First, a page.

4 Ways Being Passive Kills Your Job Prospects


Nothing can sink a job interview faster than a visibly nervous or passive interviewee. The interview allows the applicant a chance to prove that they have the knowledge, the skill, and the experience laid out in their resume. A good interview can make a weak resume shine. A bad interview can make even the most experienced individual seem incompetent.

No matter how many years of professional work experience you have, don't let the job interview process become your Achilles' heel. Here are four ways being passive can kill your job prospects. (See also: How to Answer 23 of the Most Common Interview Questions)


Job seekers are meant to paint a picture of professional competence, or at the very least, the potential for professional competence. Nothing can undermine that image faster than second guessing the answer you give.

"How fast can I write an article? I can write an article in two hours… well maybe three hours… I guess it really depends on the type of article...I mean…"

Give an answer and stick with it. Trust yourself. The interviewer doesn't need to know your entire thought process. They just want to know your norm. Rambling different answers to the same question could make the interviewer question the validity of your entire resume. If you can't answer a simple question, maybe the entire resume is a lie.

Thinking You Can't Do It

Before stepping foot into an interview, take a moment to reflect on how you view yourself. Personally, I tend to undervalue my own work. When asked during an interview if I can work under pressure, my gut instinct is to say no.

The answer has nothing to do with reality and everything to do with self-doubt. I always underestimate my ability to work in new environments and on new types of projects. I need to remind myself in interviews that how I view myself has nothing to do with the reality of the situation. I can, and have, worked well under pressure before.

Job seekers need to know whether they're in danger of letting their self-doubt destroy their ability to land a job they would flourish in. Be self-aware enough to realize when you need to go against what you're brain and gut are screaming at you.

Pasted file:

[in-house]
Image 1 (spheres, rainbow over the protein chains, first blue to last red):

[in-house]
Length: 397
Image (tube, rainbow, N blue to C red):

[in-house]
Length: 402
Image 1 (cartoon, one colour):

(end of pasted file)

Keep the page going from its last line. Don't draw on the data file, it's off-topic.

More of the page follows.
Having Nothing to Ask

Interviews are meant to be a conversation where both the job seeker and the company determine whether they are a good fit. Many job seekers, who are desperate to find a job, might not realize that they're still expected to act as if they're personally evaluating whether the job is a good fit.

Why? Even if saying no to the job isn't an option, trying to feel out the company can make you seem more invested in finding an organization where you contribute to that company's financial growth. And acting as if you're evaluating how you would fit in at the company can make you seem self-aware.

In order to cultivate an image of evaluating the worth of the job, you should:

  • research the company before the interview;
  • check out their website;
  • read their blog;
  • read articles where the company is mentioned;
  • check out any of the company's webinars;
  • research their competitors;
  • come prepared with questions to ask the interviewer.

Being Too Laid Back

Interviews are the time and place to carefully cultivate the right mannerisms. The interviewer needs to know that, even if the culture of the office is more relaxed, you can recognize when formality is needed and act accordingly. As an added bonus, the right body language and mannerisms can also make you appear more professional and confident.

Due to a lack of emphasis on professional behavior these days, it can be hard to pinpoint what personal habits might be ruining the professional image you're attempting to create. Here are a few habits to add to your professional interview persona:

  • wait for permission before taking a seat;
  • give a firm handshake;
  • don't fidget;
  • maintain eye contact;
  • have good posture (no slouching).

What bad interview habits do you have that are hampering your ability to find a job? Share with us!

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